Kinstler: How can we talk to professors about mental health?

Ethan Kinstler, Staff Columnist

This column is in response to an “Ask a Psych Major” submission: 

How can we talk to professors about mental health when we’re struggling? A lot of older professors don’t seem to care/understand. 

First, thank you for reaching out—this is a great question! 

When talking to professors, it is important to remember to be direct when asking for things we need—whether it be an extension or just letting our professors know what is going on in our lives. After all, professors are not mind-readers and they may teach hundreds of students, so they cannot know if you are struggling unless you tell them firmly and directly. Along with directness, you should be specific: layout exactly what is going on, how it is affecting you and what it is your professor can do, as well as how the accommodations for which you’re asking will benefit you. In composing your email, get to the point quickly. Professors are very busy and receive numerous emails throughout the day, so the fewer words it takes for you to explain what you need, the better.

Be prepared for your professors to say no, to be short or to be off-putting. Professors cannot accommodate every student who asks for an extension just because they forgot to do the assignment. However, you are an exception, and this is why being direct about what is happening in your life is paramount; you need the professor to understand that you did not simply “forget to do an assignment,” but rather, you have an extenuating circumstance that is out of your control and is hindering your success in their class.

An initial “no” is not the end of the conversation. Some professors have “seen it all” and could be jaded and therefore they may assume that you are just making excuses. So, ask to speak to the professor “in-person” (or over Zoom during the pandemic). That way, the professor can put a face to a name which will build a rapport and a relationship (usually when people can see you, they are more willing to compromise) and you can ensure that the professor hears everything you are saying and really listens to you.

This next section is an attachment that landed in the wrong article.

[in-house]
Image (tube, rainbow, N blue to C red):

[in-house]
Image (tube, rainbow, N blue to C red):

Meeting with the professor can give you some control over the situation by ensuring that the professor hears you and understands that you have a valid, real reason for needing help—you are not making excuses or “slacking off.” 

In-person conversations with your professor are also beneficial because they demonstrate to your professor that you are willing to put in the work to be successful and are not simply expecting the professor to “hand you” a solution so to speak. Remember, a professor may have 15 reasons for denying your request that they simply do not put into an email, but they may tell you in a face-to-face conversation.Therefore, an in-person meeting allows you to discuss these reasons and affords you a greater opportunity to reach a compromise. 

Furthermore, when your professor responds, language is important. Remember to reflect your professors point-of-view in your responses. This shows that you’ve not only listened to what your professor has said, but you’ve thought about it. For example, a response like “I understand you cannot make an exception for every student, and it must be frustrating to be asked. However, my circumstances are different because…and this extension will help me manage my mental health in the following ways:…” demonstrates your understanding of what the professor has said, while also remaining firm with your need for extra help. This legitimizes your circumstances which will hopefully help you get through to any jaded professor.

In the event that a professor is still unwilling to accommodate your situation, remember that you are not alone. There are a whole host of resources available to students to help them succeed.

First, schedule a meeting with your navigator. If you do not know who your navigator is and how to contact them, this information can be found on your SIS page under “Advisors.” Tell your navigator about your situation, what you’re going through and how any communication has gone with the professor. Finally, tell your navigator that after all of your efforts to reach a compromise, the professor remains unwilling to accommodate, even though your mental health struggles are very legitimate. Your navigator can then speak with the professor directly and also contact the dean of the school if the professor continues to refuse to help. Be sure to discuss your plans with your navigator and ask about other ways they may be able to support you.


Do keep in mind that you can contact your navigator first before contacting your professor for help coordinating with your professor—especially if you feel your professor will be unaccommodating or if having that conversation may worsen your mental health.  

Finally, it can also be helpful to try counseling. Consider scheduling an appointment with University Counseling Services through “MyHealthConnect.” You can also visit Psychology Today, which is an online directory of licensed therapists, psychiatrists, treatment centers and support groups in your area who may be able to help you. Additionally, you can call 216-368-5872 to reach the counselor on-call—and they are readily available for any situations. All of these resources exist for the sole purpose of helping students like you succeed, so do not be afraid to use them to their fullest extent.

Keep on keeping on, you got this!